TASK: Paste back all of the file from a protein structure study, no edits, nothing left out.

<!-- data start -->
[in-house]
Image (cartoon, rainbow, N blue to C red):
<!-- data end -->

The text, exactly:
[in-house]
Image (cartoon, rainbow, N blue to C red):